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Kansas City voters may get to decide whether to tax Airbnbs and other short-term rentals

A row of houses on a tree-lined neighborhood.
Carlos Moreno
KCUR 89.3
Homes in the Volker neighborhood of Kansas City have become popular for Airbnb and other short-term rentals.

The proposals would generate an estimated $6 million in revenue and are part of City Council’s recent efforts to better regulate short-term rentals, particularly after city reports showed an overwhelming majority of Airbnbs are unlicensed and skirt city law.

Kansas City hopes to bring in the millions it misses out on by not taxing short-term rentals like Airbnbs with two new measures that will go before City Council on Thursday.

The proposals follow months of frustration from Kansas City residents who have complained about unruly and unregulated Airbnbs causing quality of life issues in their neighborhoods, and have called on city officials to better regulate them. The ordinances are also a response to a recent report that found the city loses out on an estimated $2.2 million every year by not taxing short-term rentals like it does hotels.

“We need to be fair,” said Mayor Quinton Lucas, who co-sponsored the legislation. “Right now in Kansas City, we do not have the same type of taxation on those (short-term rentals) that we have on hotels and motels throughout the community.”

In a survey of residents late last year, 58% of more than 1,700 respondents said they supported taxes and fees on short-term rentals.

One ordinance proposes increasing the current $1.50 per night occupancy fee for hotels and motels to $3 and requiring short-term rentals to pay that fee. Another ordinance would place a 7.5% tax on short-term rentals; hotels and motels already pay a similar tax.

“The idea there is to generate a little bit more revenue for the city, especially as it relates to tourism and all of that stuff when we're coming up on a couple of really big events,” said 4th District Councilman Eric Bunch, referencing the World Cup games in 2026.

If they’re approved by city council, the measures would then have to pass a citywide vote during the April 4 election.

If the $3 occupancy fee is approved, it would generate about $4.5 million annually for the city. The 7.5% tax would generate about $2 to $3 million annually.

City officials say the revenue from the proposed measures would help support the city’s convention and tourism activities, pay to market and promote Kansas City to visitors and businesses and cover some of the costs of regulating short-term rentals. A report from the city auditor found that 93% of short-term rentals do not comply with city law.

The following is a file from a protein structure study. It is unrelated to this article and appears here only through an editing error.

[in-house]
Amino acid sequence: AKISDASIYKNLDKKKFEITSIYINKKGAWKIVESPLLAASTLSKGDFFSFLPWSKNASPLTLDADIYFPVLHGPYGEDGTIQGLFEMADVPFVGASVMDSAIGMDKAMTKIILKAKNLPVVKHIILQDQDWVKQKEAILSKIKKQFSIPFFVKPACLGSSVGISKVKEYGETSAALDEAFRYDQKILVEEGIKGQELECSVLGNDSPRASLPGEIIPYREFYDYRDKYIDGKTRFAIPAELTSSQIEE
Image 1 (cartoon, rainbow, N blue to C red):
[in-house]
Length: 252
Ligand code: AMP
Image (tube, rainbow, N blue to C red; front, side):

Mayor Quinton Lucas, who sponsored the legislation, said taxing Airbnbs puts some enforcement teeth behind existing regulations.

“Us having passed an ordinance years ago that just said, ‘Hey, everybody let us know,’ has not worked,” Lucas said. “I think all of us saying, ‘No, if you don't actually pay your taxes, you’re violating the law,’ allows us to track much better.”

The proposed fee and tax are part of City Council’s recent efforts to better regulate short-term rentals, particularly after city reports confirmed what residents already suspected: that an overwhelming majority of Airbnbs are unlicensed and skirt city law. In December, City Council approved moving oversight of short-term rentals from City Planning and Development to the Neighborhoods Department.

As KCUR’s Missouri politics and government reporter, it’s my job to show how government touches every aspect of our lives. I break down political jargon so people can easily understand policies and how it affects them. My work is people-forward and centered on civic engagement and democracy. I hold political leaders and public officials accountable for the decisions they make and their impact on our communities. Follow me on Twitter @celisa_mia or email me at celisa@kcur.org.
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